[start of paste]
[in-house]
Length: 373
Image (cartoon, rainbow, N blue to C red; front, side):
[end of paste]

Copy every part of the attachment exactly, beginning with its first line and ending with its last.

[in-house]
Length: 373
Image (cartoon, rainbow, N blue to C red; front, side):